Wow, it's always a day of adventure over at the the dairy

First of all, one of my coworkers was nearly crushed to death by an over anxious cow. Due to our protocol for handling sick cows (healthies get milked first, sick last), some how a sick cow tried to sneak into the giant milking aparatus by running really fast. He ended up pinned between some ridgid metal bars and a half ton pregnant lactating bovine mommy for about a minute. Luckily he wasn't seriously injured, but he kept passing out several times in a row for about a half hour afterwards. I would too after being constricted by one of those things.

Secondly, March and February seems to be a good time for all the heifers to decide to drop their calves. For us this means performing chain-assisted child birth. In most cases, heifers have difficulty becoming cows, that is delivering their young and becoming mothers for the first time. Usually the best way to assist them in this process is through the use of chains, and a pair of good hands. To make a long story short, they make the calf's pelvis line up as good as possible with the mother's then attach chains to the calve's legs and pull while the mother pushes. Not a pretty picture at all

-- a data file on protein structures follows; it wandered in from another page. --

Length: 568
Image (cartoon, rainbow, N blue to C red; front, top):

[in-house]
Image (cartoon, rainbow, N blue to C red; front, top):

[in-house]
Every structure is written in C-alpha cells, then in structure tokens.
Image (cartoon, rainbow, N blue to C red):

#176 gave birth to a 92lb bull calf, which I had the pleasure of separting from her 8 hours after its birth. The mother, who I had seen earlier in the milking parlor was covered totally in afterbirth, her jowels pink colored from the umbilicus she just snacked on. I grabbed the little quivering thing and tossed it onto the back of one of the farm pickups, for drop off at the calf barn. Freshly born calves, or after birth, or what ever the mother and the calf were covered in, smell like a combination of a gust of salty New Jersey sea air and slight hint of CK One, very slight. I wouldn't be surpised if that is the secret ingredient in CK One, considering that stuff like ambergris is used in that kind of stuff all the time